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the fact of having a right to something.
  • the amount to which a person has a right.
  • the belief that one is inherently deserving of privileges or special treatment.

Recently, I made a decision to move, (my home and my business), to a different area.  The reasons are many, but ultimately it turned out to be not only a huge challenge, but one packed with new opportunities.  I have always embraced change.  It seems to create new, unseen possibilities.

During this transition period I took time off from work, and focused most of my attention on research regarding criminal behavior and how to avoid violence.  This has always been a priority topic in all of our classes for women.  Rather than only offering tips on how to harden your home, have good situational awareness, etc., I decided it was time to have a more intimate look into what motivates a violent criminal and how their behavior can be more easily recognized.  Specifically, how these topics apply to women and what I can do as an instructor to help women more effectively identify, evade and escape if threatened.  It is not enough to simply say “You need to have good situational awareness.”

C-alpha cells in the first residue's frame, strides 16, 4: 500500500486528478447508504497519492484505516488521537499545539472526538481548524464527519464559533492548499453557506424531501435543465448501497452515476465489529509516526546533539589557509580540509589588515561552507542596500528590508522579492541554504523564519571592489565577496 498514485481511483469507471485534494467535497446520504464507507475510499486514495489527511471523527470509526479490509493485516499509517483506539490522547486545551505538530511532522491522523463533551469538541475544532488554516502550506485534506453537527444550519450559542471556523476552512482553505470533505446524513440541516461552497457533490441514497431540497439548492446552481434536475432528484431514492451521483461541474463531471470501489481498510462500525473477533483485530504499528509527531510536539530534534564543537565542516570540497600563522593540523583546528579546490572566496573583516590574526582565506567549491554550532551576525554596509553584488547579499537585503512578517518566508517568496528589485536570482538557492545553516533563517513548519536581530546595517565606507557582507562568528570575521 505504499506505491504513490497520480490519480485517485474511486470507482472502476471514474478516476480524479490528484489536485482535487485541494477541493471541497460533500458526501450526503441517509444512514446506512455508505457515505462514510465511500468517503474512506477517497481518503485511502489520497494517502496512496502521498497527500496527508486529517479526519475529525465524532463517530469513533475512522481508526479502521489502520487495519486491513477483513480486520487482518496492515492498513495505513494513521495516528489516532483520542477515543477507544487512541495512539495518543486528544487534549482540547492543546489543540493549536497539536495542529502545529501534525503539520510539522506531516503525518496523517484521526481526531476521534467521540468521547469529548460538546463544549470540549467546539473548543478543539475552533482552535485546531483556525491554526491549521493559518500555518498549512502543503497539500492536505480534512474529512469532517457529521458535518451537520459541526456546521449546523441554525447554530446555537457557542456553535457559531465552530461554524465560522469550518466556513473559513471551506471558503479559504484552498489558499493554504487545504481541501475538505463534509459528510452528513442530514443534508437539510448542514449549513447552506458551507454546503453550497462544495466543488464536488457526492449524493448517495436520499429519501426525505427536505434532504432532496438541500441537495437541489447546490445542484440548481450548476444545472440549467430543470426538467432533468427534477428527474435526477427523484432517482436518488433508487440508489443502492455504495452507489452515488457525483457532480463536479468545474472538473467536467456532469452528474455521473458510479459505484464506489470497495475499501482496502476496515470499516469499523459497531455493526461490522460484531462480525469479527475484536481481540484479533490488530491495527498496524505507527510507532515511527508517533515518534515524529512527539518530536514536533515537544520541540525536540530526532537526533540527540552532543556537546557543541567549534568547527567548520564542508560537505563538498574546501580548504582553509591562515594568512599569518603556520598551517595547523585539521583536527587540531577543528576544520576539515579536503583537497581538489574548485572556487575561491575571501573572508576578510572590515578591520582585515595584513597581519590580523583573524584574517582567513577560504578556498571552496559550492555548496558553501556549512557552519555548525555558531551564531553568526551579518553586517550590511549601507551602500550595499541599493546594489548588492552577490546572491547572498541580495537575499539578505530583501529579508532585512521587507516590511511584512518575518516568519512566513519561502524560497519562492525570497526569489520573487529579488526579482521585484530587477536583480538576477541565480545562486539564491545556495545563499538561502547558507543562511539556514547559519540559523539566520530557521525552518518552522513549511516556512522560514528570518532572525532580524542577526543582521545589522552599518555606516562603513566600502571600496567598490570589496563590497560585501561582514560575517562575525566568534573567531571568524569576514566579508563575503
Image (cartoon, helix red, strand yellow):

Although violent criminals all possess similar characteristics, at different levels, one particular characteristic really gave me reason for further contemplation.  That characteristic or personality trait is “entitlement.”  In light of all the violence in today’s world, one thing seems glaringly clear to me.  Some people simply feel they are entitled to take what they want, even if it harms others.  It is a little frightening really, to realize that we all possess some form of entitlement.  The level or degree of entitlement is what sets the violent criminal apart from the rest of us.  Upon closer examination of this behavior, it seems to rear it’s ugly head in an attempt to control the actions of others, even at levels that some would consider “normal.”  Only through education can we attempt to understand and take appropriate measures to protect ourselves from an unhealthy level of entitlement retained by others.

At what point, and under what circumstances, did our society adopt this sense of entitlement?  And more importantly, how can we change it?  I don’t have the answers, unfortunately.  Recognizing the problem is always the first step to solving it.

I welcome your thoughts, insights and opinions on this subject.  Please leave a comment.